The Feeders: Charley & Jessica Wheelock, Woodblock Chocolate
What They Feed: Chocolate from the bean. Woodblock roasts, winnows, conches, ages, and tempers chocolate sourced from farmers they have direct connections with in Peru, Madagascar, Ecuador and Trinidad. Family owned and operated in SE Portland.
Where You Can Find Them:
From The Shop: The Woodblock Chocolate Manufactory, SE Portland
Retail: Over 30 other retail locations in Oregon, plus more nationally. See full listing here.
Online: Woodblock Chocolate Online Store
Their Story: Charley and Jessica Wheelock started Woodblock Chocolate with the desire of having a business that married food and design, something that would sustain both their creativity and their family. Charley dabbled in working harvest at a winery, they considered building cheese caves, making crazy yogurts and popsicles. Then Jessica discovered the difference between chocolate makers and chocolatiers (hint: it has to do with starting with beans). A little research revealed hardly anyone in Portland was actually sourcing the beans and making the chocolate from scratch.
They started in their home kitchen, experimenting and learning through trial and error. Charley took chocolate making classes at UC Davis and an online course through Ecole Chocolat, which included a field trip to the source: Costa Rica. Friends and family got more than their share of the trial bars. They started handing out the hand-wrapped bars quite simply labelled “Woodblock Chocolate – Coming Soon” to restaurants and retailers. Once Charley and Jessica got the hang of it, Charley’s friend Marty from Olympic Provisions agreed to sell the bars in his shop. It was a great first client. Woodblock Chocolate soon outgrew its home kitchen and moved to their current location in SE Portland, The Woodblock Chocolate Manufactory, in 2012.
Small batch chocolate making proved to be a bit challenging though. Equipment is generally made for much larger production and they had to be resourceful and crafty, using an old 1910 coffee roaster to roast coffee beans and making a winnower out of a juicer and a shop vac. Sourcing beans wasn’t any easier. If you weren’t buying a whole container (= 12 tons) you were buying it from a middle man. So Charley went back to the source, this time to Trinidad with his friend Gino. Their goal was to connect with the cacao research center at the university and then directly with the farmers. Gino ended up starting a bean sourcing company called Meridian Cacao. Charley still uses Gino to source his Trinidad and Ecuador beans, but has also made direct connections with farmers in Madagascar and Peru.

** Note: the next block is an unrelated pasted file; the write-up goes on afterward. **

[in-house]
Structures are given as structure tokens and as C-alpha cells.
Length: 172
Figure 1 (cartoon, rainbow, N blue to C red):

Woodblock Chocolate made about 80,000 bars in 2014. They’re staying true to their roots with their small 25 gram, 70% cacao bars, made of only cacao and sugar (occasionally salt) and hand-wrapping each and every one. The intent is to “show the agriculture” in the bars. Most bars are single origin, but they make some “double origin” bars as well. Qualities like the source, the fermentation process and the roasting profile affect the chocolate’s flavor. Charley is trying to connect back with the farmers after the chocolate is made, sending them samples of their own chocolate and others so they understand how their cacao farming and bean handling affects the final product.
In late 2014 Woodblock opened the Manufactory up to the public. Now you can go right into their SE Portland shop and sample chocolate, buy chocolate drops or bars and even get a cup of drinking chocolate. Stumptown Coffee exclusively offers Woodblock Chocolate in their drinks. When the LETumEAT team was visiting, Charley was shipping a box of chocolates to a customer in Japan.
“We’re trying to show the agriculture in the bar” – Charley Wheelock
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